As I was watching My Night At Maud’s I knew that I recognised the rather attractive lead actor (Jean-Louis Trintignant). Turns out he was in Amour some 45 years later; a film that I adored and caused me to cry my heart out.

So, this film is the third in a series of six morality films by Éric Rohmer – the fourth to be filmed due to the need to film this around Christmas. The concept of morality is never far from the lips of Jean-Louis, the lead character who is also a somewhat-devout Catholic.

In the beginning narration he immediately states how he will marry a blonde girl at his church. He does not know her name, but his attraction is so strong that he makes a personal vow almost immediately. In his head he is morally already married.

The moral conflict comes in from the titular night at Maud’s. Jean-Louis and Maud meet through their mutual friend Vidal. It is clear from the off that there is chemistry between the two of them and they both feel it in spades. Nothing happens on that night, but it could have. They could have been perfect for each other and despite the fact that they separately have happy endings there is something melancholic about the ending. It’s a poignant film.

Title: Natural Born Killers
Director: Oliver Stone
Year: 1994
Country: USA

After watching Natural Born Killers I have come to understand how we have become a bit de-sensitized to violence. That is what Quentin Tarantino does so well with his films: yes there is a lot of violence, but he takes breaks between killing sprees. This whole film, however, just feels like one long crazy mass murder.

Then again that’s what it is. We follow the murder spree of the rather amorous Mickey and Mallory Knox (Woody Harrelson and Juliette Lewis) as they drive across the country and kill for the hell of it. We get some explanation of their backstories along the way to try and explain their behaviour… but they’re really just stone cold killers to be honest.

In order to bring across the frenzy there are a large number of cuts in made per scene, which can be between colour film and black and white. Sometimes cartoons are used, sometimes subliminal images or really anything to try and demonstrate the speed. The thing is, the director pretty much uses up all of his tricks in the first 20 minutes. As such this film started to feel incredibly repetitive very early on. What saves it somewhat are the performances from Harrilson, Lewis and Robert Downey Jr (who plays a television journalist that is following their story).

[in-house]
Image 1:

The film as a whole is meant to showcase how the media sells these sorts of tragedies for ratings. It also is meant to put the looking glass up to the audience who will devour such things. The problem is that this is not a new idea. Network took a very similar idea two decades earlier and did it amazingly well. Similarly, two years before Natural Born Killers was release there was the documentary Aileen Wuornos: The Selling of a Serial Killer which looked at a real case far more eloquently.

The real shame about this film goes back to how much I enjoyed the first 20-30 minutes. For the rest of the film it just felt like more of the same. Senseless violence, frenzied edits, flashing lights and shifting between black and white and colour. It just feels like if a Quentin Tarantino fan tried to mash-up Bonnie and Clyde with Fear and Loathing in Las Vegas. Interesting concept, good performances, bad overall execution.

Progress: 528/1007